Smith to hit councils with late fees

BY COLIN ESPINER
Last updated 05:00 19/02/2010

Relevant offers

Politics

NZ's time chairing the UN Security Council wraps up with one big regret Anti-fluoride DHB candidates are standing up and down country, but not always revealing their stance Auckland school site to house 51 familes in emergency 'pop-up' units Green portfolio reshuffle picks right man for pivotal finance role Treasury issues warning over risks of online schools in NZ No animals harmed in the making of new Governor-General's first banquet Chris Trotter: Colin Craig's behaviour would embarrass a spotty adolescent One in 10 New Zealand families fell into 'Struggle Street' since 2006 Kiwis 'drowning in housing debt', Labour says after Statistics NZ figures NZ one of world's most competitive economies: World Economic Forum

Regional councils charging late fees for rates payments are about to get some of their own medicine.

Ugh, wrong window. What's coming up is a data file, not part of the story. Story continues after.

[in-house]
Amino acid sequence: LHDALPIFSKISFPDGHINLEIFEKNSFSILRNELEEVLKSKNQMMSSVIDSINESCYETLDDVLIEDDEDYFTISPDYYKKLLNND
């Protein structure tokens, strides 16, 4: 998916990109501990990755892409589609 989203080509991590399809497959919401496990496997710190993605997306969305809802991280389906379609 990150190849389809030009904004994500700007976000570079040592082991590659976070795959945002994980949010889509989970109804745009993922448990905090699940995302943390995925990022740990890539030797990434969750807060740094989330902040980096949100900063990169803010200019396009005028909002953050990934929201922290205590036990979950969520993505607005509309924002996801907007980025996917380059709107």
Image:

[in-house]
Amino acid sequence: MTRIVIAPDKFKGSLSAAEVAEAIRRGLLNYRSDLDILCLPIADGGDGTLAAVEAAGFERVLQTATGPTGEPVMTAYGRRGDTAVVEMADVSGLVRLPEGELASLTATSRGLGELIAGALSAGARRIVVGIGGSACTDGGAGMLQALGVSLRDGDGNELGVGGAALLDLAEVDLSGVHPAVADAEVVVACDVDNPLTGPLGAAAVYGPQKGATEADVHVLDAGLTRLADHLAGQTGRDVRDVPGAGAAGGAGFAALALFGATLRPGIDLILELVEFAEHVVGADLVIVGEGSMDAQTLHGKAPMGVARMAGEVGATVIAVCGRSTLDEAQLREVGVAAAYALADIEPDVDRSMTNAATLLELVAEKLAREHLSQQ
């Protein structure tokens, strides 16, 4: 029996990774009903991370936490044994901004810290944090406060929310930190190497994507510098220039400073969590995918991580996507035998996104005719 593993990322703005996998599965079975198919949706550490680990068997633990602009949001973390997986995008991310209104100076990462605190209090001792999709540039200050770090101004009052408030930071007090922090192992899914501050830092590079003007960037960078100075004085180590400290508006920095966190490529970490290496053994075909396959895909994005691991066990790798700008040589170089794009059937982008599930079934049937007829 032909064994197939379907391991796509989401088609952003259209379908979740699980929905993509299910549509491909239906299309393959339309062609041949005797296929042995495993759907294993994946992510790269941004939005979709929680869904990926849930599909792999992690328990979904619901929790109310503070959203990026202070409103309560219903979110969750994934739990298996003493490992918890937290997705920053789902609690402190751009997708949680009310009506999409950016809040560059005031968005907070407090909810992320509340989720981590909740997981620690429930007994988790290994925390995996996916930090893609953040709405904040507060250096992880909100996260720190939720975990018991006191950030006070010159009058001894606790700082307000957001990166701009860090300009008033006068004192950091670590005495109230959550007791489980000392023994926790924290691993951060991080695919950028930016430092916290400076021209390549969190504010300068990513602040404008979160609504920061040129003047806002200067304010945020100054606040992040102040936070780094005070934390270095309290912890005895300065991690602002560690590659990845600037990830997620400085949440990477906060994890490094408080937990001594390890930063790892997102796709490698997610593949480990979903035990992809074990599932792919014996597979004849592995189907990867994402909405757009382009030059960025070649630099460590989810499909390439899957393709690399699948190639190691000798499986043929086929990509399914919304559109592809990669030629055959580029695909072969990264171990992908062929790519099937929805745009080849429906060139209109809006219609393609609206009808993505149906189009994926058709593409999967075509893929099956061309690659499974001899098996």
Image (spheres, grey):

Environment Minister Nick Smith has outlined details of "financial incentives" for councils who fail to process resource consent applications within the statutory 20 days.

Under the changes, which the Government wants in place by July, councils that are up to a week late in processing a resource consent must provide a discount of 25 per cent of their fee. A further 5 per cent discount will be added for every week the consent is delayed, up to a maximum of 80 per cent.

Draft regulations already sent out to councils set out procedures for determining fault.

"It has long been councils' policy that a penalty is loaded on ratepayers for failing to pay rates on time. If it's good enough for the goose, it's good enough for the gander," Dr Smith said. The rules were only minimum discounts, and councils wishing to offer free consents for late processing could still do so.

"This new policy is about recognising that time is money. New Zealand's economic recovery cannot be held back by inefficient and costly red tape." Dr Smith said there had been a growth in late consents (more than 20 working days) from 21 per cent in 2000 to 59 per cent in 2008.

Ad Feedback
Special offers
Opinion poll

Should the speed limit be raised to 110kmh on some roads?

Yes

No

Vote Result

Related story: 110kmh limit moves closer

Featured Promotions

Sponsored Content